Ahh, yes... The Yocto Project. The goal of Yocto is to be able to create the smallest kernel possible (yocto is the smallest unit in the metric system). They have been working to modify the OpenEmbedded bitbake system to make it more usable. So, for that, I applaud their efforts. Bitbake is terribly convoluted IMHO. So, anything that simplifies it is a step in the right direction. For building small distros, I think Yocto is a good project. But, I also like Linaro for ARM platforms. Either way, I don't think you can go wrong. But, Linaro has more of an ARM focus whereas Yocto has more of an x86 focus (it does ARM too, but not as strong an ARM platform as Linaro IMHO).
In an age of globalization and rapid changes through scientific progress, two of our societies' (and economies') main concerns are to satisfy the needs and wishes of the individual and to save precious resources. Cloud computing caters to both of these.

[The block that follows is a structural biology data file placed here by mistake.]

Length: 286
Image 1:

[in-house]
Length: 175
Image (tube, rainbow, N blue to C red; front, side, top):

For industrial control applications, or even a simple assembly line, that machine can go almost 24/7 without a break. But what happens when the task is a little more complex? That’s where the “smart” machine would come in. The smart machine is one that has some simple (or complex in some cases) processing capability to be able to adapt to changing conditions. Such machines are suited for a host of applications, including automotive, aerospace, defense, medical, computers and electronics, telecommunications, consumer goods, and so on. This discussion will examine what’s possible with smart machines, and what tradeoffs need to be made to implement such a solution.